If you must do the Eiffel Tower – don’t overhype it. It’s a big steel-girder construction, and it’s really not as romantic in person as in the movies. Sometimes, things are better off left in your head. If you can do a tour on the Seine, do – it’s a good way to see the highlights of the city at its best. L’Arc de Triomphe is in the middle of a very busy road, so please don’t get killed – but please do visit, and don’t walk away without having had a stroll down the Champs Elysee :)

The cathedral of Notre Dame de Paris is another don’t-miss – but the ultimate of ultimates is slightly outside Paris. Whatever you see or don’t see on the entire trip, make sure you visit the Palace at Versaille. I can’t emphasise this enough – and I don’t generally like palaces. It’s the most amazingly lavish, sumptuous, romantic, wonderful place. Just go.

Onward to the south of France – if you’re not entirely fed up of driving by now, you could pop in to Barcelona. (At this point, you could also start taking flights – the distances get a bit bigger here, although they’re still eminently drivable for North Americans.) The Museu Picasso is worth a look if you’re a fan, and the famous Gaudi masterpice – La Sagrada Familia” – is definitely to be seen, although they’re still not quite finished!

Although a very pretty city in its own right, Nice is on my tour for another reason – it’s from Nice airport that you can get a helicopter to the playground of the rich and famous, the Principality of Monaco and Monte-Carlo. There’s not a huge amount to do here, unless casinos are your thing, and frankly, it’s an expensive place. But I know if I had the money to do a grand tour of Europe, all at once, I’d go, just for a few hours, and do a Holly Golightly on it :)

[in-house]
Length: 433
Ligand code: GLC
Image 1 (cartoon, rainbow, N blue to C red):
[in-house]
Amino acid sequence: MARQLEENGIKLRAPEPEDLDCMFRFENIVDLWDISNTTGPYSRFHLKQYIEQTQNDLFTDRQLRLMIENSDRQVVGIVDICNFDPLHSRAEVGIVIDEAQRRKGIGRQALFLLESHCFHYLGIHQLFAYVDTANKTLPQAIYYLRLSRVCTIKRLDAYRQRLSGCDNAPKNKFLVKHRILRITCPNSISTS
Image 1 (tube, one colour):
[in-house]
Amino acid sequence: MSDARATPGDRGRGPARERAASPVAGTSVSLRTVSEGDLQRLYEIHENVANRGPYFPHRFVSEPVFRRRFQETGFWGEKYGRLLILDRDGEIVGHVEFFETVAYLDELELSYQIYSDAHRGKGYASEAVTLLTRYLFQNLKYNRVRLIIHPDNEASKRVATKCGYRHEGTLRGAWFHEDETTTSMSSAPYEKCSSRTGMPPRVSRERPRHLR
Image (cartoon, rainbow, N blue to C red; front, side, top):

The next leg (ok, I’m sorry, but it had to be done) is Italy. Rome is beautiful, and has lots to offer, although comes complete with swarms of pigeons and tourists. Florence is the city of art and culture. Milan is fashion and more modern culture, while Naples is pure beautiful, and Pompeii is the forgotten city. Sicily is home of the Mafia, and Venice is sinking. Lots to see – I’d pick Rome, Florence or Pompeii, for religion, art or history, and just do it to death over a couple of days.

Back in central Europe, we’ve missed a few spots – I understand that I’ve probably gone way past the three weeks this was meant to take, but that’s how it goes… Vienna & Prague for music, culture and Charles’ Bridge, Budapest for the amazing baths, and Krakow cos it’s just Europe’s little gem, would all be on my list.

Not on my list, but worth considering, are Ireland and the UK. Spring break isn’t the best time to see the countryside, but Dublin and London are still worth visiting – there’s so much to do and see that it probably won’t all be possible though. The Nordic/Scandanavian countries, while pretty, never really captured my heart the way the rest of Europe does, so they’re not in this tour. If any of them were to make it, it’d be Copenhagen, and possibly the Norwegian fjords – although they’re more of a summer thing, I think.

And that’s my Grand Tour of Europe pretty much complete :) I love this place, and it’s wonderful to visit, even just virtually!

5 comments to A Whistle-Stop Tour of Europe

  • [...] s something I’ve been planning on doing for ages, so here goes with the sequel to my Whistle-Stop Tour of Europe. (Excuse me. Minor diversion while I go tweak the PHP. This template is pretty [...]

  • firebird

    Thanks for that Elwing! I always thought the options open to non-Euro-residents were much different – and only included the “unlimited travel for x days in a month” kind – which I don’t think would be as cost-efficient here, personally.

    The Eurrail (Interrail for non-Europeans) stuff does seem to include the “unlimited travel for x consecutive days”, but I can only see 1st Class, unless you’re under 26. Still, good to know it’s there :)

    Bari – I think you’re actually eligible for the European variety, interrail – you’ve been living here long enough to be an honorary European :)

    Noirin

  • Interrail is very doable for non-Europeans :) You just have to buy the tickets before you leave North America. (raileurope.com is where I typically buy mine, but US travel agents have them as well).